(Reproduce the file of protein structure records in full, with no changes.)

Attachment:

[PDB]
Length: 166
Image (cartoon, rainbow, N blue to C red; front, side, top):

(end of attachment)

[PDB]
Length: 166
Image (cartoon, rainbow, N blue to C red; front, side, top):